Novel Tools for RAS Pathway Drug Discovery
Are you interested in more innovative ways to study the RAS pathway? Are you currently designing small molecule therapeutics or implementing PROTAC strategies to target RAS components? Join us for an interactive webinar where Promega's research scientists share how our RAS/RAF technologies can simplify your research! We’ll start with a general overview of the technology, then break out into deep dive sessions to connect directly with R&D scientists and discuss our latest tools for your RAS research.
You Will Learn
Our growing portfolio of novel tools to study the RAS pathway and it’s downstream components, specifically in relation to therapeutic drug discovery.
- Protein-Protein Interaction - NanoBRET and NanoBiT technology enables sensitive, reproducible detection of protein-protein interactions (PPI) in the natural cellular environment.
- Target Engagement – NanoBRET™ technology offers a sensitive, specific method to measure the interaction of small-molecule drugs with their target protein in live cells.
- CRISPR Cell Lines – By using CRISPR/Cas9 gene editing to knock in a bioluminescent tag at endogenous loci of interest, proteins expressed by the native promoter can be studied using simple light output measurements.
- Active RAS: LUMIT Phospho-Erk Immunoassay and GTPase-Glo assay : The Lumit™ Immunoassay Cellular System is a no-wash bioluminescent immunoassay that measures target analytes directly in cell lysates. The GTPase-Glo™ Assay analyzes the intrinsic activities of GTPase, GAP-stimulated GTPase, GAP and GEF.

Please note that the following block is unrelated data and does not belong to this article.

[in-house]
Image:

This seminar is designed to help you understand the different applications for our RAS/RAF portfolio or learn how you can work with our Elite Access team to design the tools you need.
Speak directly and in-depth with Promega R&D scientists, during the webinar or by scheduling a post-webinar roundtable discussion, about how our RAS/RAF portfolio can expedite and improve your workflow.
Hicham Zegzouti, PhD.
Senior Research Scientist 3 – Group Leader, Assay Design
Dr. Hicham Zegzouti is a Senior Research Scientist in Promega Assay Design-R&D. His group develops biochemical and cell-based assay technologies to interrogate diverse enzyme activities and cellular pathways (kinases, glycosyltransferases, and other drug targets). Dr. Zegzouti received his PhD in 1997 from the National Polytechnic Institute of Toulouse, France.